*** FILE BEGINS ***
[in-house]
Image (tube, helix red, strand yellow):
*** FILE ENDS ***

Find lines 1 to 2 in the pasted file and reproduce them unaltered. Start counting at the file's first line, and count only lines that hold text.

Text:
[in-house]
Image (tube, helix red, strand yellow):